Monday, March 15, 2010

Reading Changes Body Mass Index in Girls

This study in Pediatrics is very creative and intriguing. Thirty one of 81 girls, ages 9-13, were randomly assigned to read an intervention novel which was a story about an overweight girl who discovers improved health and self worth. Thirty three girls read a control novel and 17 girls read no novel. Follow up occurred 1-2 months later with the girls who read the intervention novel showing a significant greater reduction in body mass index (BMI) compared to the control group. Girls in both the intervention and control group had a significantly lower BMI change than the girls who read no book. The authors concluded that more research is needed to see if this would help other overweight and obese girls.

I equate this to being similar to a more mature social story combined with positive affirmations. Seems like a great, simple way to empower girls to change their lifestyle habits independently.

Reference: Bravender, Terrill, Russell, Alexandra, Chung, Richard J., Armstrong, Sarah C. A "Novel" Intervention: A Pilot Study of Children's Literature and Healthy Lifestyles Pediatrics 2010 125: e513-e517

3 comments:

Stacey,momof 2 said...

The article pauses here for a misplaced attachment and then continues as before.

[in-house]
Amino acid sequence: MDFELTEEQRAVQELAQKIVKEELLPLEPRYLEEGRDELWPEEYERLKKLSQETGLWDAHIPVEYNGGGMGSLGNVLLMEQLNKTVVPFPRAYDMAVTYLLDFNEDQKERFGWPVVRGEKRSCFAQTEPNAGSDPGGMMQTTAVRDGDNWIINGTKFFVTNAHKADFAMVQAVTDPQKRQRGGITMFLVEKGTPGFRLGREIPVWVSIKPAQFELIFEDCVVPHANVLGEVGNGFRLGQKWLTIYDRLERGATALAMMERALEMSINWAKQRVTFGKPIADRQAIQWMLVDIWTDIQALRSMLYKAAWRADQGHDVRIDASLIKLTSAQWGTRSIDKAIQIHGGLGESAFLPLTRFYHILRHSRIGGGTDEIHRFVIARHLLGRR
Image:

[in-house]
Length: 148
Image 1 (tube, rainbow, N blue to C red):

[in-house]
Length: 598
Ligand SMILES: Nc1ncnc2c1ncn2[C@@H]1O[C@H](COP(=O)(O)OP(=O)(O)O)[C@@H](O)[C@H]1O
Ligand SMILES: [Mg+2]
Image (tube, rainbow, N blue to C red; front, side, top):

This makes me smile.. my son who is 7 and has SPD is a GREAT reader-- when we got our Wii this Christmas, my husband and I were trying to figure out all the cords, and such-- Shane was being so inquizitive-- I finally gave the manual to him-- he read it and -- the amazing thing is he learned some things that I had not... now when the Wii is acting odd... I ask my son for help!
I give this post a thumbs up... neither of my kids is over-weight-- so I need a story about picking up their room and following the directions the first time! :)

Your Therapy Source Inc said...

Stacey, Haha - any mother could use that book! Video games and technology level the playing field for all ages. It is hard to think of other activities where adults have no problem asking younger kids to help teach them something.

TheRextras said...

Social story is exactly what came to my mind. When you designate it 'more mature' - well, doesn't all reading influence children in some way? Having two avid and encouraged readers, their teen years have been challenging to keep appropriate material in there hands>eyes>minds vs. JUNK. Just like with tv and movies.

Barbara